Sorry massive comment... You can tell I am into this type of thing.

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    1. I'd be really interested in how you do yours. What type of muck do you use when you do it? I got a book for Christmas on hot beds so that's what got me keen although it doesn't have examples of just using woodchip so this might not work.

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    2. currently cow. we had used horse but when I threw it in the compost after we ended up with weeds

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    3. Mix in about one third horse or cow manure, it'll get hot and stay hot for weeks. If it starts to taper off add urine, yours is fine, daily and it'll start to reheat. We've been doing it for years.

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    4. Sounds good - I just need to find some cow muck now! Every time you comment Ro I just think I want to meet you!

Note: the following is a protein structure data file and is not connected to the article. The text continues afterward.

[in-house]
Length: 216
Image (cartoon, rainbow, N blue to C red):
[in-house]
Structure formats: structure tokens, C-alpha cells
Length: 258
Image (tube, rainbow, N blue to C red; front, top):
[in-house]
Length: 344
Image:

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  6. Envious of your wood chips! (Though envious of your space to put them too!).
    Regarding the seeds, could I have a few cucamelons and a few cherry bomb chillies please?
    I've also got some seeds of a Squash/pumpkin called 'Musquee de Hever de Provence', a lovely looking large squash that apparently 'tastes like chestnuts' when cooked, its doesn't say if it's sweet or horse chestnuts lol! You could have some of those too if you like.

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    1. Sounds good!
      Re. Having space was always my main aim. I didn't even look around the house to know I wanted this place!

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  7. Oh and a tip for your squash/pumpkin next year, is to wipe the squash over with water with )a bucket a teaspoon of bleach), and wipe dry. you do this once every 2 weeks and then weekly when the weather starts to heat up.